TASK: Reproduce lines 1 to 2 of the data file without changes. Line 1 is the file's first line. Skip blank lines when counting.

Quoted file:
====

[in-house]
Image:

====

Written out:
[in-house]
Image: